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Support for Germany's Social Democrats (SPD) nudged up to 32 percent, one percentage point behind Chancellor Angela Merkel's conservatives, over the past week, according to a poll published on Wednesday.
The centre-left SPD, currently the junior partner in Merkel's ruling coalition, has seen its poll ratings soar since nominating former European Parliament president Martin Schulz as its candidate for chancellor in the Sept. 24 federal election.
The weekly poll, conducted by the Forsa institute for Stern magazine, showed support for Merkel's Christian Democrats (CDU) and their Bavarian sister party (CSU) stable at 33 percent. The support for the SPD was up one percentage point on the week.
The institute put the poll's margin of error at 2.5 percentage points, meaning the CDU/CSU bloc and the SPD are in a neck-and-neck race.
Both Merkel, who will seek a fourth term as chancellor, and Schulz are hoping to end their parties' 'grand coalition' and to form a new government with smaller allies.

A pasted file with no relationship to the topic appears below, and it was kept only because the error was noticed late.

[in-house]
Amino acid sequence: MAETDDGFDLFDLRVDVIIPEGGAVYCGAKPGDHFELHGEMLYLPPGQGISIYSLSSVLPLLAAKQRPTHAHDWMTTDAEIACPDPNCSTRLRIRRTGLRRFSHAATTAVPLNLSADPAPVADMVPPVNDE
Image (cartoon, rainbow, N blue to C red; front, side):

The Forsa poll, which canvassed the views of some 2,500 voters, showed the anti-immigrant Alternative for Germany (AfD) party down one percentage point at 8 percent, while support for the Greens party and the Left party were unchanged at 8 percent and 7 percent, respectively.
The business-friendly Free Democratic Party lost one percentage point to 6 percent, just above the 5 percent threshold needed to take seats in parliament.
Forsa head Manfred Guellner said that based on the results, the SPD could form a coalition government with the Greens and the Left, adding that their combined score of 47 percent would translate into a slim parliamentary majority.
Schulz has promised to fight job insecurity and old-age poverty by reducing temporary work contracts and rolling back some of the 'Agenda 2010' labour reforms enacted by the last SPD-led government.